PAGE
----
With May and June right around the corner, many senior college students have eagerly awaited the much-anticipated day that they can finally call themselves college graduates. While that day will always be cherished, it is also a celebratory welcoming into the real world.
Unless you are graduating with a bachelors of science or bachelors of finance degree, you may not have the knowledge or understanding of how to successfully save and invest your money for your future. Many college graduates and young professionals get overly excited about ‘making’ a salary that they oftentimes live beyond their means. While many people, especially their parents, can call this a learning curve, the trend itself has gotten out of hand as it continues to grow dramatically year after year. That being said, I have jotted some financial wisdom of what you should do with that first paycheck. Remember, the uphill battle is find your career. Winning the war is how much you can save in the process.
Start off by picking up a book or two on money basics or finance. While school may be out of session, learning about the foundation of saving can help you tremendously throughout the years. One of the best selling books to help aid you in your process is, Get a Financial Life: Personal Finance in your 20s and 30s by Beth Kobliner. In this book, Kobliner provides her readers with a substantial guide of money, business, and finance. She teaches you various tricks for becoming a master of your financial future regardless of what happens in the economy.
Once you have studied up, pencil out a budget. I have written countless blogs about creating a personal budget on my career site and professional site. The reason why is because of how important a monthly budget can do for your financial future. The goal comes down to this simple question: How much money are you making, spending, and saving each month? To answer this, you need to map out your budget in a holistic and calculated way. Even for unknown values such as food or social outings, you can always estimate. The main expenses to hit are of course the essentials such as your rent, utilities, groceries, transportation, any student loans, and car loans. Once that is calculated draft up a rough estimate of your social expenses such as a gym membership or any extra curricular activities. Once that number is calculated, subtract that from your revenue (monthly salary) to get your savings. This figure gives you the opportunity to see what you can save or spend each and every month.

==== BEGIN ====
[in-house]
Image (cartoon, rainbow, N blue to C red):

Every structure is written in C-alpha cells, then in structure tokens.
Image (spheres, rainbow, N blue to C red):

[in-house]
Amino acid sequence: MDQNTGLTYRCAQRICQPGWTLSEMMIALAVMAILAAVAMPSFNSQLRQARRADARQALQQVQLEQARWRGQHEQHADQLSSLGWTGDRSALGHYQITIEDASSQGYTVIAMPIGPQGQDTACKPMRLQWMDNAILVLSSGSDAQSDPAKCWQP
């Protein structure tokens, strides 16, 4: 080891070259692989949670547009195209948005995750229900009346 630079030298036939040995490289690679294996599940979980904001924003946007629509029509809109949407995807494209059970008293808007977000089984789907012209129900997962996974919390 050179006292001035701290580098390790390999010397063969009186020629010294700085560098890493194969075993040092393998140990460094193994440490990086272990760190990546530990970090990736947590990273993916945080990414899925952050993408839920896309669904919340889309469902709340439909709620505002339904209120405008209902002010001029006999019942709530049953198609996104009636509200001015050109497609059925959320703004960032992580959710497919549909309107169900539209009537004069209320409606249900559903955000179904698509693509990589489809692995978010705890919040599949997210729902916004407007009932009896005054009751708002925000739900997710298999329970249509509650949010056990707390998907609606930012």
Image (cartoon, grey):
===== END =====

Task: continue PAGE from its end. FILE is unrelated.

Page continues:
Now when it comes to expenses, be realistic. I have heard countless times of millennials finding lavish apartments in New York City or San Francisco. Unless you are making a cool six-figure salary out of college (something that does not happen to often), living within your means will play a large role for your financial future. Make sure to cut your expenses as much as possible. At the end of the day, these expenses will play a large role in what your overall lifestyle can be
Speaking of expenses, try and lower your debt as much as possible. Whether they are student loans or credit card expenses, you want to make sure you are able to cut down that number as much as possible. One thing you should not do is to think of your debt as a monthly bill. That type of mentality will only make you cavalier about paying it off. If there is any way for you to reduce it, do it! It will pay off in the long run.
Last but not least, make it a top priority to set up an emergency fund. The rule of thumb from many financial advisers is to try and set aside the equivalent of three to six months worth of living expenses. The reason why is that we cannot predict our future. Certain things can happen along the way and we want to make sure we can handle them accordingly. Yes, it may be difficult, but this is the start for something greater.